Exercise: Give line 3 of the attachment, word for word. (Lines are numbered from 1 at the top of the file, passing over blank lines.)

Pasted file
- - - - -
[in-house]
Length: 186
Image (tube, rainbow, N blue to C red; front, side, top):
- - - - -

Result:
Image (tube, rainbow, N blue to C red; front, side, top):